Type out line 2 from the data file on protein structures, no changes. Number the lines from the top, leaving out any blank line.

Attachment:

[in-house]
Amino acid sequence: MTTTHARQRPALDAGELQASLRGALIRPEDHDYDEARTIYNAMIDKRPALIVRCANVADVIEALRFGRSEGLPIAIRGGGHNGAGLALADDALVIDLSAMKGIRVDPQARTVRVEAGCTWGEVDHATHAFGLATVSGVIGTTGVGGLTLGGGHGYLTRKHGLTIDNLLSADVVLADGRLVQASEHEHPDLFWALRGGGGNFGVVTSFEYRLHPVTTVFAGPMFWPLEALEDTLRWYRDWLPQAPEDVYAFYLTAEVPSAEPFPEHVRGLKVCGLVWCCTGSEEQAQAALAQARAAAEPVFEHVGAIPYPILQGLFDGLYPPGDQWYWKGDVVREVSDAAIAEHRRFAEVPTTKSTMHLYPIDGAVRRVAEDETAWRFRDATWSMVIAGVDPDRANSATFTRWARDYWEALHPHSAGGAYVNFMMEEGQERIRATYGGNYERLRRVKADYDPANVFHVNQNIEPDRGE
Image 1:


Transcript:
Amino acid sequence: MTTTHARQRPALDAGELQASLRGALIRPEDHDYDEARTIYNAMIDKRPALIVRCANVADVIEALRFGRSEGLPIAIRGGGHNGAGLALADDALVIDLSAMKGIRVDPQARTVRVEAGCTWGEVDHATHAFGLATVSGVIGTTGVGGLTLGGGHGYLTRKHGLTIDNLLSADVVLADGRLVQASEHEHPDLFWALRGGGGNFGVVTSFEYRLHPVTTVFAGPMFWPLEALEDTLRWYRDWLPQAPEDVYAFYLTAEVPSAEPFPEHVRGLKVCGLVWCCTGSEEQAQAALAQARAAAEPVFEHVGAIPYPILQGLFDGLYPPGDQWYWKGDVVREVSDAAIAEHRRFAEVPTTKSTMHLYPIDGAVRRVAEDETAWRFRDATWSMVIAGVDPDRANSATFTRWARDYWEALHPHSAGGAYVNFMMEEGQERIRATYGGNYERLRRVKADYDPANVFHVNQNIEPDRGE